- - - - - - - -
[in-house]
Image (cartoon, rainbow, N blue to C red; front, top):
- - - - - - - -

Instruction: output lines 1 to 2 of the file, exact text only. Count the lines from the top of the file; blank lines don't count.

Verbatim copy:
[in-house]
Image (cartoon, rainbow, N blue to C red; front, top):